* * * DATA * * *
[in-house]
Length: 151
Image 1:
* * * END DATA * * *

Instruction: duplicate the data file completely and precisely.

[in-house]
Length: 151
Image 1: